Having a miscarriage can feel like your world has been turned upside down. But as upsetting as pregnancy loss can be, for most women, it’s an experience they only have to go through once.
Unfortunately, about 1% of women have recurrent pregnancy loss, defined as two or more miscarriages. For these women, the experience can be devastating, ushering in fears that they’ll never be able to carry a pregnancy to term.
At his practice in Newburgh, Indiana, Paul W. Morrison, M.D., uses state-of-the-art techniques to determine the causes of recurrent pregnancy loss in women throughout the Evansville area. He also provides custom treatment options to support full-term pregnancies. Here’s a review of some of the most common causes of repeated miscarriages.
Single (one-time) miscarriages happen in about 20% of all known pregnancies (pregnancies confirmed by a lab test). Many more miscarriages happen in the very early days of pregnancy, even before a woman misses her period.
Many factors can cause recurrent pregnancy loss, and determining the cause is the first step in preventing future miscarriages.
Pregnancy requires a significant change in your hormone levels. If your hormones don’t adapt, the uterine lining may not be strong enough to support egg implantation or a developing fetus. Lots of issues can cause hormonal imbalances, including:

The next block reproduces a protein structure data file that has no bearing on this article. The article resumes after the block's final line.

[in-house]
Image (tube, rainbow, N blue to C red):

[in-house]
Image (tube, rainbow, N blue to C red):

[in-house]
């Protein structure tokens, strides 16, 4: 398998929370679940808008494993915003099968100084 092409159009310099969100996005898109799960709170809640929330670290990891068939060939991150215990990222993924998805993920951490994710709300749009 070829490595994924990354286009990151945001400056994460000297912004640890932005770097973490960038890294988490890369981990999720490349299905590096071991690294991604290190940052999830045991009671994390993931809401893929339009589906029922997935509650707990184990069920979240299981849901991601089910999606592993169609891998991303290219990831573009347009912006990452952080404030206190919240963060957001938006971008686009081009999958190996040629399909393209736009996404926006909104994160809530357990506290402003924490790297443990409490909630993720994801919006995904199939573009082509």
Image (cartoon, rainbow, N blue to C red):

High blood levels of a hormone called prolactin can also cause pregnancy loss.
Genetic problems in a developing fetus can also cause a miscarriage. Chromosomal abnormalities in a fetus can cause a spontaneous pregnancy loss.
If your uterus has an unusual shape, you’ll be more likely to have a miscarriage. Uterine fibroids — which are noncancerous growth in your uterus — can also interfere with conception and fetal development.
The cervix is the opening of the uterus, and during pregnancy, a strong muscle keeps the cervix closed and the fetus protected. If the cervix is weak, the growing fetus can put pressure on the muscle, which can result in pregnancy loss.
In addition to Type 1 diabetes, other immune system-related problems, such as lupus, can increase the likelihood of miscarraige as well. And some women have high levels of antibodies that attack the developing embryo.
Regular exposure to environmental toxins can cause recurrent pregnancy loss in some women. Lifestyle habits, such as smoking, drinking alcohol, and even consuming caffeine, can trigger miscarriages as well.
Being obese or significantly overweight can increase your risk of suffering a miscarriage, and it can also increase your risk and your unborn baby’s risk of developing health problems.
Carrying a baby to term depends on a lot of underlying health and lifestyle factors. If you’ve had multiple miscarriages, there are treatments that can help you enjoy a successful, full-term pregnancy. To learn more, book an appointment online or over the phone with the practice of Paul W. Morrison, M.D. today.